The image shows 704 men assembled at the Great Pyramid of Khufu on the morning of Sunday, January 10, 1915.
The pyramids at Giza formed a backdrop for the thousands of Anzac troops at the Mena training camp on the outskirts of Cairo, Egypt.
Three months after the photo was taken, several of the men were amongst the first Anzac troops to land on the beaches of Gallipoli in the early hours of Sunday, April 25, 1915.
The exhibition Together, 100 Years Apart is presented at the Bentley gallery to commemorate the centenary of the Gallipoli landings.
Presented in partnership with the Western Australian Genealogical Society (WAGS), in collaboration with Curtin University researchers, the image will be on show until October.
WAGS 11th Battalion project project manager Chris Loudon said he hoped viewers would be able to identify some of the men in the image.
�We think the photo was taken using a quarter glass plate, possibly using an Eastman-Kodak camera,� he said.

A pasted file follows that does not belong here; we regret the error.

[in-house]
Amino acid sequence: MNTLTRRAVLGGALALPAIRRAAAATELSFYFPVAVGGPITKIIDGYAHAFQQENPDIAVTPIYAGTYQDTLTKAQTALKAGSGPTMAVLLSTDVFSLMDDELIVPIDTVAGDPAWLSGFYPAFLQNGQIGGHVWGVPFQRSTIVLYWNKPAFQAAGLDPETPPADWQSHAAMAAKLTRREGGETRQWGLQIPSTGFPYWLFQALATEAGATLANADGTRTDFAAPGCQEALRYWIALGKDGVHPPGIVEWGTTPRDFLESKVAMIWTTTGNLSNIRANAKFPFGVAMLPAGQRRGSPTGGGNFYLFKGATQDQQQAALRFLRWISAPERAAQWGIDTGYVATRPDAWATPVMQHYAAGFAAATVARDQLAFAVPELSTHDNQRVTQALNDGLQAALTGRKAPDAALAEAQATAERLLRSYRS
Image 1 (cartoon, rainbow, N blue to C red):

�Prints of the photo were distributed to the men, many of which were sent back home to family.
�One of these prints was donated to the State Library of Western Australia, which has been scanned and now used for this exhibition.�
Mr Loudon said the high-resolution image was 10 metres wide by 6.170 metres tall, covering the main wall in the atrium.
�It gives a good view of what they looked like,� he said.
�We know there were 350 men from this battalion that died as a result of the Gallipoli campaign, which was four months later.
�For some of the men, it�s the last photo taken of them. I think this photo shows the camaraderie and mateship that existed between the men and you get a sense of their spirit.�